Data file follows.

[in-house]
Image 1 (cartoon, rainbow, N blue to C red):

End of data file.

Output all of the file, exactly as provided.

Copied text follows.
[in-house]
Image 1 (cartoon, rainbow, N blue to C red):